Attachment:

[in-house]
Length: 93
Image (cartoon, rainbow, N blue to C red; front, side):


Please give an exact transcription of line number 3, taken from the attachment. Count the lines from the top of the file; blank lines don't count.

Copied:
Image (cartoon, rainbow, N blue to C red; front, side):